I’ll meet you at the giant bok choi.

This past Sunday we went to the International High-Tech Vegetable Exposition in Shouguang, a city within Weifang.

Weifang is kind of like Los Angeles in administrative structure: it is both a city and a county. The county area is fairly large so it is important to realize when making plans that when something is advertised as being “in Weifang” it might actually take a good long time to get to it (another example of this was my outing to the Kite Festival).

That was certainly the case for the Vegetable Fair. We, my son and I, were fortunate to be invited to attend with a family. It took about three hours to get there from the downtown area where we were staying, that included picking up another family member along the way, traffic tie ups, parking and getting from the parking lot to the fair itself.

The fair was not a thing I can just say “it was like …” because it was like some things I am familiar with but also had some uniquely Chinese elements that are outside my experience.

First of all it was sort of like the Northwest Flower and Garden Show in Seattle; there were display type gardens, information booths and a marketplace. The Shouguang High-Tech Vegetable Exposition dwarfs the show in Seattle. The area covered has to be at least four times that of the Seattle show. It happens in a specially built venue that includes several very large green houses. The “high-tech” in the name is deserved: there is an elaborate system of irrigation, piping and structural support of the plants. The display areas were of several different climate types. Like the Seattle show there were vendors only marginally related to the topic of vegetable gardening. Some of the things being sold were, to my mind anyway, uniquely Chinese: a woman selling large radishes along with bottled water and other drinks; booths where they made and sold paintings and calligraphy; a booth of leaves and flowers with which to make tea…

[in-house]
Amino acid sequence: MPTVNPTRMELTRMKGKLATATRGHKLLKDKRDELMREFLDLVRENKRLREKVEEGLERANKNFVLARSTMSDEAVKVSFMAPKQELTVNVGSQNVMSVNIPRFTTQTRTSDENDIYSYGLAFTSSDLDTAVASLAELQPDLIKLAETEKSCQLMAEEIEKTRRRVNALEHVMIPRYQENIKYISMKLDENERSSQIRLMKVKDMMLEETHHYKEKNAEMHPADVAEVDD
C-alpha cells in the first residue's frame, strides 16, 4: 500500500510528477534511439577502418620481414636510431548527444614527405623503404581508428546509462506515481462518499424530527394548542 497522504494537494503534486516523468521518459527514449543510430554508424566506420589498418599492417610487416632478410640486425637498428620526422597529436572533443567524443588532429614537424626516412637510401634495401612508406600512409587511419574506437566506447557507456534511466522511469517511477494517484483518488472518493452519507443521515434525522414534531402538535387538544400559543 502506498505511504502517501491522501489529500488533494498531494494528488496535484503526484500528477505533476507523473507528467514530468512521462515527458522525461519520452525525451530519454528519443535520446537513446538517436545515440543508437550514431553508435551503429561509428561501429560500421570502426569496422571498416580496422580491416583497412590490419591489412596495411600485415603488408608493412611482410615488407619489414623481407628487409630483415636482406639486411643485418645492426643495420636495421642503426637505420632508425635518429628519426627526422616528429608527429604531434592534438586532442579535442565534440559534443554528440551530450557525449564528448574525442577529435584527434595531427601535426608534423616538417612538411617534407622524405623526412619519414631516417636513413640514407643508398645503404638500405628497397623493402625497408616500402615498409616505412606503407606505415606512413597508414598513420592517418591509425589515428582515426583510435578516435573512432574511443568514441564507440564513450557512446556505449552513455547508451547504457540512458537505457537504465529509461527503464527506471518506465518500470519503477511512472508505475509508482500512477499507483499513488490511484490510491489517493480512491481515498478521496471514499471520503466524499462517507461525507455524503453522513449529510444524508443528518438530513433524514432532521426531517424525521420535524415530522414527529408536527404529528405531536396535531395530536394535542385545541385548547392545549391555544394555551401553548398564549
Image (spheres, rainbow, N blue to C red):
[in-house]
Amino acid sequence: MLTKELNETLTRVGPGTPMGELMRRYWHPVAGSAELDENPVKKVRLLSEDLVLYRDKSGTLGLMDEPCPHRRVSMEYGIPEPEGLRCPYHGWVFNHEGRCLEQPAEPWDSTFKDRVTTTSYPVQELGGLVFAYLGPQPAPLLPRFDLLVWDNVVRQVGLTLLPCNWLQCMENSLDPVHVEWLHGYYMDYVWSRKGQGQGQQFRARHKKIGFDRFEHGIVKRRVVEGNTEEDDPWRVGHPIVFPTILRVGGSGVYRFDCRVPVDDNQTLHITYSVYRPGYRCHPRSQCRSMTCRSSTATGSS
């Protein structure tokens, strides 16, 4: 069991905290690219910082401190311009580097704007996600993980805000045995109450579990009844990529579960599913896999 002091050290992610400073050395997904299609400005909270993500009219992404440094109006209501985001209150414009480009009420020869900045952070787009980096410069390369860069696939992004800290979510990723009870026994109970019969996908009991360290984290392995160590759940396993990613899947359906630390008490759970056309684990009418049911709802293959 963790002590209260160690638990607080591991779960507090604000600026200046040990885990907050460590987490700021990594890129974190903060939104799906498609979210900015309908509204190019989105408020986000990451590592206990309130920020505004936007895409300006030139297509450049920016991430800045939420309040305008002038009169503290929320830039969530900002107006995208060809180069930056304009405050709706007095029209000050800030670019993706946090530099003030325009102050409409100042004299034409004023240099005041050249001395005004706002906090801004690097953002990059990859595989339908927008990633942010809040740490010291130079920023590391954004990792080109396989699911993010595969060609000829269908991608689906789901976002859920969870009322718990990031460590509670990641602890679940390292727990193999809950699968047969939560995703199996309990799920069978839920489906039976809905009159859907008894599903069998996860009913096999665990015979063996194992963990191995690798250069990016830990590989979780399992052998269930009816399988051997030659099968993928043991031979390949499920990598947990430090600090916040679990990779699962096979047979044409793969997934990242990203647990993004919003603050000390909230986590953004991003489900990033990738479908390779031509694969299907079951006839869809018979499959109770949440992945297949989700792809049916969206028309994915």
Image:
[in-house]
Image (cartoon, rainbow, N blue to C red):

On the grounds there were a large number of stalls selling food, drink and festival type souvenirs for the young and young at heart. We had lunch in a tented area with low tables and geezer stools (not sure what the real name is my son and I named them that because you so often see older men sitting on them in parks or on the street, playing Chinese Chess, selling birds, fixing bicycles or just passing the time of day). It was fun to watch noodles being made fresh and some of the barbeque-ers danced as they worked.

Many of the displays consisted of pipes that had holes in them for growing vegetables, formed to look like various buildings or other items; some examples: the Eiffel tower, a windmill, the Great Wall, a ship, a helicopter. In other places they had made frameworks to support pots and made landscape elements out of things like pepper plants, kale or cabbages. The walkways were arbors supporting vining plants like squash, melons, cucumbers…in one area they even used sweet potatoes. Some of the overhead vegetables were so large that they had ties on them for extra support.

All-in-all a very interesting and impressive event. The event was well attended, we were definitely not there alone! It was fun to see so many Chinese families out for the day enjoying the displays and the general festival atmosphere. It was an experience unique to this area of China, where people often bring a bag of vegetables or fruit when they go somewhere.

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